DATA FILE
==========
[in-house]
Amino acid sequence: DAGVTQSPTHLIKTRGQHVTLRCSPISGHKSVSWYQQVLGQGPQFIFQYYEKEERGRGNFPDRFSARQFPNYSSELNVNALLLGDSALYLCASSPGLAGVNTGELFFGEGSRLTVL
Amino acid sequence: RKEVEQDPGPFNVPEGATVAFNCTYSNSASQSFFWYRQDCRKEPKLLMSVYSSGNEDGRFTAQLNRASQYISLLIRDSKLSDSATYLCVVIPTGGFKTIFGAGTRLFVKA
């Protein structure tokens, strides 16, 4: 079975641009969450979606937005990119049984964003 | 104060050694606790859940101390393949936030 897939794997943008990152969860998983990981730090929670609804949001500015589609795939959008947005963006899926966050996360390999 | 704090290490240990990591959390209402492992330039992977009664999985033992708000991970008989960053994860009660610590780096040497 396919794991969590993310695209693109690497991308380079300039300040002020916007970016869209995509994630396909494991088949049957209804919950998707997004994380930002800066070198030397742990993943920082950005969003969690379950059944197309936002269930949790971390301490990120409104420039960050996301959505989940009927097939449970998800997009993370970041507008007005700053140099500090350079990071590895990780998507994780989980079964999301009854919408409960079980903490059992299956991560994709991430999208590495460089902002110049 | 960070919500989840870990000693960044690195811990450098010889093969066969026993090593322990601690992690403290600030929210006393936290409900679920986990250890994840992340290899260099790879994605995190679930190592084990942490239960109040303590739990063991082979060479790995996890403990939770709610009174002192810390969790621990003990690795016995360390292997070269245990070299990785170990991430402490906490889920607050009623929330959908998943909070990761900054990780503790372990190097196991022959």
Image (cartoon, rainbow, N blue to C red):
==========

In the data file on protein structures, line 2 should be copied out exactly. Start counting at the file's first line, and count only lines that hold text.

Amino acid sequence: DAGVTQSPTHLIKTRGQHVTLRCSPISGHKSVSWYQQVLGQGPQFIFQYYEKEERGRGNFPDRFSARQFPNYSSELNVNALLLGDSALYLCASSPGLAGVNTGELFFGEGSRLTVL